If Necessary, Use Words

By John Halford

I am writing this from northern Thailand, where I was invited to attend the opening of a new school that some Christian friends are launching. Although Thailand is officially a Buddhist nation, the constitution guarantees freedom of religion. Consequently there are many foreign missionaries here. However, they have had very little impact — Thailand is only 2 percent Christian.

I suspect that one reason for this is that Thais resist the typical aggressive Western approach to evangelizing. My friends here, both of whom are native Thais, have a different approach. They understand the importance of example rather than confrontation. They have established several schools, language institutes and kindergartens, running them on Christian principles and values, without being overtly "evangelistic." It seems to work — the schools are a success, and several house churches have been quietly established. They are showing the value of St. Francis of Assisi’s famous teaching: "Preach the gospel at all times. If necessary, use words."

Faced with this situation, he was helpless. He wanted to talk. I think St. Francis would have agreed that this was a time to use words.

The guest of honor for the opening was a senior government official (I’ll call him Mr. V) who, although not a Christian, helped us cut through the administrative red tape and open the school on schedule. We were grateful to Mr. V and invited him to come from Bangkok to be the guest of honor. Although influential, he is a humble and sincere man.

The opening went well. The next day was a holiday, and our guest of honor had planned to visit some of his family who live locally. So I was surprised to meet him in the hotel’s lobby when I came down to meet my friends for a late breakfast.

He looked terrible. He was tired and seemed on the verge of tears. What had happened to the sophisticated authority figure of the day before? He told us that he had not slept all night. He had had a serious falling out with a young man whom he had mentored for many years and loved like a son. He had been looking forward to spending the day with him. Instead the young man had left him after an insulting and angry outburst.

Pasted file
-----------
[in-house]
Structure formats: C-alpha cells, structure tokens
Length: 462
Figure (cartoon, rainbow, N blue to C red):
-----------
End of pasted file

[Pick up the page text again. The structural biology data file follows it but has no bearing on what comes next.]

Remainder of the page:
Change of plan

Poor Mr. V was distraught. He was used to being obeyed, but faced with this situation he was helpless. He wanted to talk about it. So talk we did, for several hours. Our plans for the day had to be shelved. I think St. Francis would have agreed that this was a time to use words. We spent a long, long time discussing the best way to attempt a reconciliation — forgiveness, tolerance, mutual respect, and being willing to overlook and forgive. Mr. V found Jesus’ parable of the Prodigal Son especially comforting.

By the end of the day, Mr. V was much relieved. And next day, thankfully, he and the young man were able to meet and reconcile. At dinner that evening Mr. V was his happy self again. He told us later that he was impressed that we, who were really total strangers, had given so willingly of our time and our love. Of course, he didn’t decide on the spot to become a Christian. As with King Agrippa (see Acts 26:28), you can’t expect a high official to make a decision after only a brief exposure to Christianity. We simply showed him how Jesus’ teachings would help him in this situation, and he was impressed.

As we go about God’s work, we often need the favor of this world’s governments. We show respect and deference to people in authority, but relationships with authority figures are usually based on what they can do for us. Mr. V allowed us to do something for him. We saw that behind the influential authority persona was a vulnerable human being who was bruised and hurting. He already had our respect and gratitude, but what he needed was love. Love can be hard to come by in the dog-eat-dog arena of power politics. But it is the inexhaustible resource of our kingdom, and we were privileged to share it with Mr. V.

Copyright 2010

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